Cervical cancer is the fourth most common cancer in women worldwide and disproportionately affects women in low-resource countries lacking a public health infrastructure to support cancer screening.1 The slow rate of progression from precursor lesions to invasive cancer provides opportunities for early detection and cure. Cervical cancer incidence in the United States has declined substantially over the past half century. In 2018, 13 240 new cases of cervical cancer and 4170 cervical cancer deaths are projected to occur.2 What is unique about US mortality attributable to this neoplasm is that the vast majority of deaths will occur among poor women, women from communities of color, non–US-born women, and women living in rural and remote settings. In general, these populations have limited access to preventive medical care, including screening and timely follow-up, prompt diagnosis and treatment, and culturally tailored education and outreach.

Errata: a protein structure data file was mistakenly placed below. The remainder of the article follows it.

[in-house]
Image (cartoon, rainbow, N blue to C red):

Learman LA, Garcia FAR. Screening for Cervical Cancer: New Tools and New Opportunities. JAMA. 2018;320(7):647–649. doi:10.1001/jama.2018.11004
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